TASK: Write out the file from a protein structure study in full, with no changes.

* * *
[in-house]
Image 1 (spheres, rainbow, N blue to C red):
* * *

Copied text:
[in-house]
Image 1 (spheres, rainbow, N blue to C red):